The Guardian, which occupies a somewhat similar (perhaps even more leftward) place in the British media spectrum to that of NPR's All Things Considered in the United States, interviews a British gamekeeper.
"A lot of people don't really understand what we do," he says. "The bottom line is, I'm not going to deny it, we're rearing game birds to shoot. People think we're murdering bastards, just killing things. But they don't see the benefits of it ... you're more likely to see songbirds out on a shoot than you are on non-managed land, where the predators at the top of the tree are the ones surviving."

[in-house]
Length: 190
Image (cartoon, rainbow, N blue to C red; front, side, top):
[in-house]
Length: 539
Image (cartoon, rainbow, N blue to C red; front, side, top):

Via British blogger James Marchington, who called the piece "surprisingly balanced."
If your word association with "gamekeeper" is "Lady Chatterley," then you are probably an NPR listener--as am I. But the arguments that Geoff Garrod makes are what an American would expect to hear from the local district wildlife manager, game warden, etc.